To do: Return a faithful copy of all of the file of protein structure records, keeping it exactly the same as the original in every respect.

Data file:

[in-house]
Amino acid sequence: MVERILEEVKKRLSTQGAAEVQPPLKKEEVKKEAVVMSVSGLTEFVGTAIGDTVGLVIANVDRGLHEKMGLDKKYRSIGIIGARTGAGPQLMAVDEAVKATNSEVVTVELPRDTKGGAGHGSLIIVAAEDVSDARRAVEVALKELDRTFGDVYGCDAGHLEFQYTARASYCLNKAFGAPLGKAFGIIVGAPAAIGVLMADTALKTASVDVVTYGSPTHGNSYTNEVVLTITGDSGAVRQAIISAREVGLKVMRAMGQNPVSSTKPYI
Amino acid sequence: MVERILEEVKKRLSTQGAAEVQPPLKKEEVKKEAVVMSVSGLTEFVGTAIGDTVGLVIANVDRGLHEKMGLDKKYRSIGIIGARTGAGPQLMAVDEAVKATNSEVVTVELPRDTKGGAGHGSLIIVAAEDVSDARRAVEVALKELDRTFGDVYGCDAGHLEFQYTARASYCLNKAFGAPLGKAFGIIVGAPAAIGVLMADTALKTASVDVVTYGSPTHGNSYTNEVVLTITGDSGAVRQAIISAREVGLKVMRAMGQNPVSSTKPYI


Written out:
[in-house]
Amino acid sequence: MVERILEEVKKRLSTQGAAEVQPPLKKEEVKKEAVVMSVSGLTEFVGTAIGDTVGLVIANVDRGLHEKMGLDKKYRSIGIIGARTGAGPQLMAVDEAVKATNSEVVTVELPRDTKGGAGHGSLIIVAAEDVSDARRAVEVALKELDRTFGDVYGCDAGHLEFQYTARASYCLNKAFGAPLGKAFGIIVGAPAAIGVLMADTALKTASVDVVTYGSPTHGNSYTNEVVLTITGDSGAVRQAIISAREVGLKVMRAMGQNPVSSTKPYI
Amino acid sequence: MVERILEEVKKRLSTQGAAEVQPPLKKEEVKKEAVVMSVSGLTEFVGTAIGDTVGLVIANVDRGLHEKMGLDKKYRSIGIIGARTGAGPQLMAVDEAVKATNSEVVTVELPRDTKGGAGHGSLIIVAAEDVSDARRAVEVALKELDRTFGDVYGCDAGHLEFQYTARASYCLNKAFGAPLGKAFGIIVGAPAAIGVLMADTALKTASVDVVTYGSPTHGNSYTNEVVLTITGDSGAVRQAIISAREVGLKVMRAMGQNPVSSTKPYI